The School of Information and Computing Science is proud to announce that on Saturday, May 14th, the school will be conferring the title of PhD to two students. Both Hengshan Li and Matthew Dube have worked very diligently on their dissertations, and have been hired to exciting new jobs after graduation. The following is a description of their dissertation research and future plans.

Evaluation of multi-level cognitive maps for supporting between-floor spatial behavior in complex indoor environments

By Hengshan Li

Advisor: Dr, Nicholas A. Giudice, Associate Professor in Spatial Informatics, School of Computing and Information Science

Abstract:

People often become disoriented when navigating in complex, multi-level buildings. To efficiently find destinations located on different floors, navigators must refer to a globally coherent mental representation of the multi-level environment, which is termed a multi-level cognitive map. However, there is a surprising dearth of research into underlying theories of why integrating multi-level spatial knowledge into a multi-level cognitive map is so challenging and error-prone for humans. This overarching problem is the core motivation of this dissertation.

This dissertation addresses this vexing problem in a two-pronged approach combining study of both basic and applied research questions. Of theoretical interest, we investigate questions about how multi-level built environments are learned and structured in memory. The concept of multi-level cognitive maps and a framework of multi-level cognitive map development are provided. We then conducted a set of empirical experiments to evaluate the effects of several environmental factors on users’ development of multi-level cognitive maps. The findings of these studies provide important design guidelines that can be used by architects and help to better understand the research question of why people get lost in buildings. Related to application, we investigate questions about how to design user-friendly visualization interfaces that augment users’ capability to form multi-level cognitive maps. An important finding of this dissertation is that increasing visual access with an X-ray-like visualization interface is effective for overcoming the disadvantage of limited visual access in built environments and assists the development of multi-level cognitive maps. These findings provide important human-computer interaction (HCI) guidelines for visualization techniques to be used in future indoor navigation systems.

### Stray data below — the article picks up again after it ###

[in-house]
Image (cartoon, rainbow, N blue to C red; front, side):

In sum, this dissertation adopts an interdisciplinary approach, combining theories from the fields of spatial cognition, information visualization, and HCI, addressing a long-standing and ubiquitous problem faced by anyone who navigates indoors: why do people get lost inside multi-level buildings. Results provide both theoretical and applied levels of knowledge generation and explanation, as well as contribute to the growing field of real-time indoor navigation systems.

After UMaine, Hengshan will join in Singapore-ETH Centre, Future Cities Laboratory. He will take part in a research project aiming to understand the perceptual and cognitive processes underlying pedestrian movement and wayfinding behavior, provide design interventions informed by empirical research and simulations, and develop simulations for visualizing and validating empirical results and proposed design solutions.

 

Algebraic Refinements of Direction Relations Through Topological Augmentation

By Matthew P. Dube

Advisor: Dr. Max J. Egenhofer, Professor and Directior, School of Computing and Information Science

Abstract:

The world of spatial information has been painstakingly studied over the past forty years and, for the attainment of compact and meaningful systems, split into a triumvirate of domains for qualitative spatial reasoning: topology, direction, and distance. As advances in computation have led to quicker computation, the need for smaller, cognitively held systems is reduced, opening the door for larger reasoning systems that violate Occam’s Razor.

This dissertation attempts to bring separated concepts of qualitative spatial reasoning together by using the concept of spatial partitions. Partitions are mutually exclusive sets that exhaustively cover an embedding space. Qualitative direction relations over regions are currently constructed from these partitions and are based on intersection models. In this dissertation, topological relations are used to refine the qualitative direction relations over regions currently in the literature and graph theoretic definitions and theorems are presented to apply these concepts to arbitrary spatial partitions of co-dimension 0 to their embedding space.

This combination is called topological augmentation. Rather than computing binary set intersections between a figure object and ground tiling structure, topological augmentation expands this approach by computing a topological set intersection resulting in a topological relation from the region-region relations, providing additional insights into the qualitative extent of an object. Such an approach allows for a reasoning system with over 3,000 relations, relations that can be applied to particular semantic definitions based upon their context.